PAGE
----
In January, at a birthday party, I told a couple who were expecting their second, that “this has been the hardest year of my life.” I don’t want to sugar coat and make them think it’s all rainbows and sunshine. Having two children is hard. At that time, Zane was three and a half and Laken was two. That had been a really tough year, with Laken gaining mobility and all of a sudden being able to get into Zane’s toys. Zane wasn’t happy about this… “No Laken that’s mine! Moooooom Laken took my toy!” I’d have to try to make Zane understand that Laken was little and didn’t understand, and that he needs to learn to share his toys. For the longest time, I let Laken get away with a lot, and Zane probably didn’t really understand.
Now, Laken is 20 months and we haven’t been allowing him to get away with so much. It’s still a constant challenge. And it goes both ways. Neither of them can have what they want when they want it. They still fight a lot, and when they’re not fighting (or sleeping), they’re being wild crazy boys. They climb on me. They wrestle. They run around. And eventually someone gets hurt. I can’t put into words how wild they can be.
Zane is a moody four year old. He has his own expectations and desires. He wants to do things his own way and in his own time, and that can be a struggle, when we want things done “now.” We need to learn to give him space to be his own person, while also being a respectful, polite and honest young boy. He wants time with his family but he also wants time to himself. He wants us to play with him in his room. He wants to be the boss. He wants to do everything I do. He wants to be Batman.
Laken is finally learning more words. Not many words that actually help us figure out what he wants, unfortunately. (But I’m LOVING his expanding vocabulary!!) He will just cry and scream. When Zane makes him mad or hurts him, he points and Zane and screams. But that doesn’t tell us what actually happened. I guess the hardest thing with him is the lack of communication. Also the fact that he is just so darn cute, it’s almost impossible to be mad at him. He does something wrong, and I go to scold him, and he looks up at me with those beautiful blue eyes and that big smile. How can I be mad at that?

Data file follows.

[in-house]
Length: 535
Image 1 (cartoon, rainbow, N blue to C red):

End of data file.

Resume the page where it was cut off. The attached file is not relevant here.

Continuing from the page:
So… this is the hardest phase. Six months ago was the hardest phase. And I’m willing to bet six months from now will be… the hardest phase.
I believe it will get better, easier. Its got to eventually, right?
You tell me: What’s been the hardest phase of parenting for you?
No, I’m not about to start selling it. I’m not a salesperson. I just can’t commit to direct sales, trying to convince people they need this or that.
But I have purchased my fair share of Lula. The sizing though… Size up in this, size down in that. So confusing! Then there’s the “hacks,” ie various ways to wear a single shirt, dress or skirt. But will those hacks look good on my plus size body? Do I really need to size down in a Perfect Tee even though I’m a bigger girl. Should I order it and potentially have to deal with a return? I had all these thoughts recently when I hosted an online popup. My wonderful consultant is thin, so she can easily and comfortably wear all the clothes she sells, and all the hacks look amazing on her (seriously, love her styling!). But I have a very different body, so I took to YouTube to see if I could find some more insight.
And I found Amos Trombetto. She has a body similar to mine. I can relate to her. Her videos were so helpful. She shows how the different materials stretch and move. She shows how different sizes look on her body. Which helped me see how things would look on my body. I have never really been one to turn to YouTube videos (except for a hair tutorial once), but she was so helpful! I’ve watched many of her videos since, and have started watching Stitch Fix and Gwynnie Bee unboxings, as well as some try-ons from various stores.
I look for the women who seem to have my kind of style and/or my kind of body. I am a more casual dresser. I am not eccentric. I don’t know how to do makeup and I don’t have good hair. I try to look nice, but I’m definitely not like many of the YouTube ladies I have found. I have a hard time finding someone “like me.”
So I have been thinking I may have found my niche. I am planning to start doing some type of clothing reviews, probably both on YouTube and on here. I just signed up for Birchbox (because maybe I’ll learn a little about makeup and skin care) and will do an unboxing when it arrives.